One Of The Most-Delayed Train Services In The UK Has Also Just Hiked Its Fares The Highest

The London North Eastern Railway increased its fares by more than inflation.

Rail fares increased by 3.1% on average this year despite 2018 being one of the worst years on record for train punctuality.

Some 14% of trains were late last year, with several franchises recording even worse performances.

However, the company that increased its prices the most stands out given its time-keeping in the last year.

Who’s increased their fares the most?

The largest fare rise comes from government-owned London North Eastern Railway (LNER), with a 3.4% increase.

LNER took over the East Coast franchise from Virgin after the company failed to make the line sustainable in May. At the time, 26% of their trains were late. A further 10% of them were either very late (30 minutes or more) or cancelled.

Since then the service has improved but still around a quarter of their services were delayed or cancelled in December.

Despite this, LNER is the only company to increase its fares more than the Retail Price Index (RPI) measurement of inflation, which most train companies in England and Wales have their fare increases pegged to. Last year RPI was 3.2%.

LNER services operate from London to Inverness and run along the east coast of the country, stopping in places including Peterborough, Leeds, and Edinburgh.

Some 45% of rail fares in England and Wales have their fares directly dictated by the government pinning them to RPI, the rest have more flexibility in their approach to fare increases.

Govia Thameslink are increasing their fares by 3% and Northern are increasing theirs by 3.2%. Both were beset by huge delays during a botched introduction of a new timetables in May.

Govia hit a low when 23% of their trains were delayed or cancelled.

Northern’s problems continued all the way into November, when they hit a low point of 32.5% of their trains delayed.

In real cash terms, Govia’s annual season ticket from Brighton to London will go up £148, from £4,696 to £4,844, and a similar Northern ticket from Manchester to Liverpool increasing by £100 from £3,152 to £3,252.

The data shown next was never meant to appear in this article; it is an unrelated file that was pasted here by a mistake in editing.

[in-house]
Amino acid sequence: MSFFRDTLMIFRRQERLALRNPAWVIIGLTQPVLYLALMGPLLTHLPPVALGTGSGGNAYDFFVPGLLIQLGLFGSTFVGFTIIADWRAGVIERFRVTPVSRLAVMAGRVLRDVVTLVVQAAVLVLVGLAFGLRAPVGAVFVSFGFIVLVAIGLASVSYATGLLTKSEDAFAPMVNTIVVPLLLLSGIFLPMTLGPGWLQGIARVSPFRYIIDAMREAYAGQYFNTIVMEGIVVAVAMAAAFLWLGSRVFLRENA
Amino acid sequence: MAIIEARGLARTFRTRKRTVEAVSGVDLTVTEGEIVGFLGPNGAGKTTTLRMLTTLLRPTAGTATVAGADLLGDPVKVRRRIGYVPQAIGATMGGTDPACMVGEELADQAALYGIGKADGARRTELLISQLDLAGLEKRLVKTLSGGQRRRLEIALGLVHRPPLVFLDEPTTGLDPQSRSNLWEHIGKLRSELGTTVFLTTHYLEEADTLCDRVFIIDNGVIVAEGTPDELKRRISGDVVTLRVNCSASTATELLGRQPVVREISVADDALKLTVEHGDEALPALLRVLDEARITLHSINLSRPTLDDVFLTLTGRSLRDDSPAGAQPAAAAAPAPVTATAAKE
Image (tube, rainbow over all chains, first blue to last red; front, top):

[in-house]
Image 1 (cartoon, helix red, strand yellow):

Labour analysis of more than 180 routes suggests an average commuter is paying £2,980 for their annual season ticket, up £786 from 2010.

Passengers were left frustrated over the summer when new timetables meant hundreds of trains were delayed or cancelled.
Passengers were left frustrated over the summer when new timetables meant hundreds of trains were delayed or cancelled.
Jack Taylor via Getty Images

What can be done about it?

Britains rail prices have are notoriously high, with some tickets being as much as five times higher than the European average.

For many they will have to carry on shouldering the burden of ever increasing rail prices, but there might be ways to bring down prices for others.

Alongside the fare increase, Transport Secretary Chris Greyling announced there would be a new railcard introduced for 16-18 year olds who were in full-time education or training, giving them half price trains.

On top of this, the new 26-30 year olds rail card is also available from today.

If you are affected by a delay, passengers can claim compensation if their trains are late or cancelled.

Depending on the train operator, passengers are able to claim compensation for trains starting from a 15 minute delay.

The amount of compensation given depends on how much longer it took to arrive at a destination than expected, whether this means it was just because the train was delayed by an hour, or the passenger had to go a different route because the original train was cancelled.

So, a common policy might be to claim half of the cost of the single journey if delayed by up to an hour, and a full refund if delayed any longer than that.

Passengers will to need to claim the compensation themselves as payouts are not automatic.


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